Upside-down jellyfish pulse on the ocean floor, their frilly arms stretched skyward as they release venom-filled blobs of mucus into the surrounding water, where the slime “stings” passing swimmers, new research reveals.
These jellyfish (Cassiopea xamachana) look like strange, squidgy plants stuck to the ocean floor, and they tend to assemble in groups that resemble bizarre flower beds. Upside-down jellies can be found living in the mangrove forests and lagoons of southern Florida, Hawaii, the Indo-Pacific Ocean and the Caribbean, according to the Monterey Bay Aquarium. Snorkelers who visit those areas sometimes develop a strange itching sensation on their skin, as if the water itself stung them.
“You start to feel this tingling … More than just itchiness, like when an itch turns into a painful discomfort,” said Cheryl Ames, a museum research associate and an associate professor of applied marine biology at Tohoku University in Japan.
But until now, nobody knew the actual cause.
In a new study published today (Feb. 13) in the journal Communications Biology, Ames and her colleagues finally cracked the case: From these upside-down jellyfish’s spot on the seafloor, they deploy an arsenal of cellular bombs armed with stinging cells called nematocytes. When the bombs make contact with a passing swimmer, they release venom that irritates the skin. If a bomb bumps into a tiny brine shrimp, one of the upside-down jellies’ favorite snacks, its venom kills the animal on contact.
Those familiar with stinging water may have heard of so-called sea lice, creatures often blamed for the painful sensation associated with upside-down jellies. Sea lice are parasites that prey on fish, but the term serves as a colloquial “catchall” for anything that causes water to sting, Ames said.
None of the proposed explanations held up to scrutiny. “We initially thought that there would maybe be some tentacle bits from other jellyfish” floating through the water, perhaps detached during a massive spawning event, as can happen, Ames said. Another theory posited that jellyfish still in their larval stage (and thus microscopic) might float through the water and sting people. But researchers have visited the habitat so many times and never seen the adult stage of that hypothetical larval jelly, she added.
With the mystery still unsolved, the scientists realized that, whenever they were stung, they were swimming near upside-down jellyfish at low tide, while the jellies pumped out murky clouds of mucus. To find out if these oddball jellies were the culprit, the researchers looked at samples of the jellies’ mucus under high-resolution microscopes. They spotted tiny, jelly-filled spheres floating within the fluid that appeared to be packed with cells and algae.
“We were really kind of in awe and shock, and saying, ‘What are these? Has anyone seen these?'” Ames said. “None of us could figure out immediately what they were.”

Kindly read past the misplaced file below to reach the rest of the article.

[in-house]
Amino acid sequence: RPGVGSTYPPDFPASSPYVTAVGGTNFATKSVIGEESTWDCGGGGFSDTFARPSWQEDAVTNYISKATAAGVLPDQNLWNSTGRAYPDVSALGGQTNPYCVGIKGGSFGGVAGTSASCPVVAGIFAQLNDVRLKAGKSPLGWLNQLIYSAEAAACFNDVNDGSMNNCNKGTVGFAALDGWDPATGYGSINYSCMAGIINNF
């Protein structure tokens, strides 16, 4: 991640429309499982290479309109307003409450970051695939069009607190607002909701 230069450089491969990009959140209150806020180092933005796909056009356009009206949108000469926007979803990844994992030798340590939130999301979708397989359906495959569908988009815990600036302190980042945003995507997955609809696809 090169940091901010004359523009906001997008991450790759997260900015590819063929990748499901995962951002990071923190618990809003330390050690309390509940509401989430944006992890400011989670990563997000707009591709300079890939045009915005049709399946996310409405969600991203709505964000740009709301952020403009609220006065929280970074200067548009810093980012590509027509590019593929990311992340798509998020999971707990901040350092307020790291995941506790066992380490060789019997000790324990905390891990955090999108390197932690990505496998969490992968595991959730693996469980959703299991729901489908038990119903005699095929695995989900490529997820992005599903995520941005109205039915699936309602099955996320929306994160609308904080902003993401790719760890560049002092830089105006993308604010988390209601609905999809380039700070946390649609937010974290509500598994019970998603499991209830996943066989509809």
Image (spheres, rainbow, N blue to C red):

The team uncovered one stray study from 1908 that mentioned the strange spheres, but those researchers had wrongly identified the structures as parasites of the jellyfish. By analyzing the molecules and proteins in the spheres, Ames’ team confirmed that the spheres came from the jellyfish and were dispersed from spoon-shaped pads on the animals’ arms.
A minefield of mucus and toxic “bombs”
Stinging cells called nematocytes coat the outermost layer of the bumpy spheres; when touched, these cells leak venom from long, stringy structures on their surfaces, stinging unwary creatures that run into them. In addition to stinging nematocytes, cells covered in hairlike threads called cilia stud the surface of the spheres. These cilia wave in the water and act as tiny propellers that send the spheres spinning off in every direction. The team named the free-wheeling spheres “cassiosomes,” after the Cassiopea genus.
“The discovery of motile, nematocyte-containing cellular structures … in Cassiopea demonstrates an unexpected way of organization,” Tamar Lotan, head of the Department of Marine Biology at the University of Haifa in Israel, told Live Science in an email.
“Nematocytes are found mostly on the jellyfish tentacles,” said Lotan, who was not involved in the new study. “However, this upside-down jellyfish actually builds a [minefield] around itself, a defense layer of mucus that contains these cassiosome bombs.”
So, how can you avoid swimming through a toxic minefield on your next trip to the Florida Keys?
“When it’s low tide … obviously, there’s less water around — and you’re closer to the jellyfish, and you’re more likely to disturb them,” said co-author Allen Collins, a zoologist at the Smithsonian’s National Museum of Natural History and the National Oceanic and Atmospheric Administration’s National Systematics Laboratory. We don’t know yet if upside-down jellyfish release more cassiosomes in response to certain disturbances or at certain times of the day, Collins added.
So, if you see upside-down jellies while you’re swimming, it may be best to admire the squishy creatures from a distance to avoid floating through their snotty clouds of stinging spheres.